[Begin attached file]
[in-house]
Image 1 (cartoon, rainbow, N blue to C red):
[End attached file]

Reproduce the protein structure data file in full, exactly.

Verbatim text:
[in-house]
Image 1 (cartoon, rainbow, N blue to C red):